It’s like there’s an invisible wall between you and your partner. Each of you is annoyed or even outraged at the other’s behavior. You think your spouse’s actions are unfair. They think your actions are ridiculous. You don’t feel connected, emotionally or physically. In fact, even though you’re inhabiting the same space, it feels like there are miles between you. And you’re withdrawing more and more from each other. Maybe you even feel like roommates.

This is resentment.

Resentment often occurs when partners become parents. Each partner compares how hard they’re working and how much they’re doing. Usually, new moms feel especially resentful because they’re overtired, overwhelmed and lonely, said
Continue Reading

Children and Teens

Why Is Trust Important?

Who do you trust? Ideally, family, friends and co-workers in our inner circles would be first among those to whom we offer our vulnerability. As children, we are taught to trust police officers, clergy and doctors. Sadly, those in all categories have been known to exhibit behaviors that betray our confidence and safety. Letting youngsters know that they have a "Spidey Sense" and can detect when they are being lied to, or are in danger, is an important parenting skill. When children have go-to people, whether in their family or extended community, they are more likely to trust -- and with good reason.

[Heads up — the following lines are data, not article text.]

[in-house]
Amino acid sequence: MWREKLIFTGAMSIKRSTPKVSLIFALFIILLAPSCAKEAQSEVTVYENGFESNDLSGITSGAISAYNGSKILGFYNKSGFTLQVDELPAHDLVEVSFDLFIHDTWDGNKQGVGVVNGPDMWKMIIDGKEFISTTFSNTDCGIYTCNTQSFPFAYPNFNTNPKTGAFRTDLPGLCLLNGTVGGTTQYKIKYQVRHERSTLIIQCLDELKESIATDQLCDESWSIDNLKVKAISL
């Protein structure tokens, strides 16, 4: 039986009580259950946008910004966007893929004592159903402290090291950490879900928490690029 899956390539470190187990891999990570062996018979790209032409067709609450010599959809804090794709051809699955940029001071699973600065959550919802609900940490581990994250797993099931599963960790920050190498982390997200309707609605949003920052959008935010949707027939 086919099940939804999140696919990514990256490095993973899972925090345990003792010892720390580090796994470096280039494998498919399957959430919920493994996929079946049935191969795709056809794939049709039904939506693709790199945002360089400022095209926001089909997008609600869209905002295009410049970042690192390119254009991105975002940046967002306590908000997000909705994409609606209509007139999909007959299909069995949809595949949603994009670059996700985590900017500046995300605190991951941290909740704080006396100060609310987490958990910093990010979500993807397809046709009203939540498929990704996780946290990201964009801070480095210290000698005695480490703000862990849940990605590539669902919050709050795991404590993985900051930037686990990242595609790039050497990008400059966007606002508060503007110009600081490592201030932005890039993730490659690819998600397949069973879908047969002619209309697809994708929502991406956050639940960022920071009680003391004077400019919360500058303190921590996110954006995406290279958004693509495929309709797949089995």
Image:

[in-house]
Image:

How can we grow trust?
Continue Reading

Aging

On Losing My Mother

It has been 3 years since my Mother died at 9:41pm on a hot August night. She was 62 and pancreatic cancer had ravaged her body in a short 7 weeks. I was there. I remember the room, the funeral home removing her body and my 45-minute drive home with my Yorkie. It was surreal and I didn’t cry.